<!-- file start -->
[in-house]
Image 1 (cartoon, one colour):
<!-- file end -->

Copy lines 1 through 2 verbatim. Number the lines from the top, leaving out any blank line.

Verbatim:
[in-house]
Image 1 (cartoon, one colour):